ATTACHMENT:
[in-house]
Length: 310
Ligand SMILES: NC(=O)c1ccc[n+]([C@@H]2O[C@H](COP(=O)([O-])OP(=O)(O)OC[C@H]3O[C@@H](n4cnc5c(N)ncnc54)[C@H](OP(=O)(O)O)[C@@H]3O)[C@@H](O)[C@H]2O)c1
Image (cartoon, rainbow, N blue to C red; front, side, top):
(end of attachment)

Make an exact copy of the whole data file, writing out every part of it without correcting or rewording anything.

[in-house]
Length: 310
Ligand SMILES: NC(=O)c1ccc[n+]([C@@H]2O[C@H](COP(=O)([O-])OP(=O)(O)OC[C@H]3O[C@@H](n4cnc5c(N)ncnc54)[C@H](OP(=O)(O)O)[C@@H]3O)[C@@H](O)[C@H]2O)c1
Image (cartoon, rainbow, N blue to C red; front, side, top):